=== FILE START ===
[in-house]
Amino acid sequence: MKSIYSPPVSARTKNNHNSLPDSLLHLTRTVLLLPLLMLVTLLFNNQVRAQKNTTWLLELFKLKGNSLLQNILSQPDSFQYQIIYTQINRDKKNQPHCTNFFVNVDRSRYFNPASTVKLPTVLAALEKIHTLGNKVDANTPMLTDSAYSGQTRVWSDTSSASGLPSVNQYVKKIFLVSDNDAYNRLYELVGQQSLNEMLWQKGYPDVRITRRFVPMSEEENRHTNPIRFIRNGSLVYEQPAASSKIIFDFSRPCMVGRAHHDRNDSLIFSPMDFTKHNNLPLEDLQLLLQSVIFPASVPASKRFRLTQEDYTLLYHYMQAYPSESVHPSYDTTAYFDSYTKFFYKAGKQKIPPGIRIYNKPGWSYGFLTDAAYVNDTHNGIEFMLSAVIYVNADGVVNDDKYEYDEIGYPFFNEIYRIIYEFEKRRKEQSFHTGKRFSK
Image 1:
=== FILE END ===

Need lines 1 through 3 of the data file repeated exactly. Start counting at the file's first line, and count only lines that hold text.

[in-house]
Amino acid sequence: MKSIYSPPVSARTKNNHNSLPDSLLHLTRTVLLLPLLMLVTLLFNNQVRAQKNTTWLLELFKLKGNSLLQNILSQPDSFQYQIIYTQINRDKKNQPHCTNFFVNVDRSRYFNPASTVKLPTVLAALEKIHTLGNKVDANTPMLTDSAYSGQTRVWSDTSSASGLPSVNQYVKKIFLVSDNDAYNRLYELVGQQSLNEMLWQKGYPDVRITRRFVPMSEEENRHTNPIRFIRNGSLVYEQPAASSKIIFDFSRPCMVGRAHHDRNDSLIFSPMDFTKHNNLPLEDLQLLLQSVIFPASVPASKRFRLTQEDYTLLYHYMQAYPSESVHPSYDTTAYFDSYTKFFYKAGKQKIPPGIRIYNKPGWSYGFLTDAAYVNDTHNGIEFMLSAVIYVNADGVVNDDKYEYDEIGYPFFNEIYRIIYEFEKRRKEQSFHTGKRFSK
Image 1: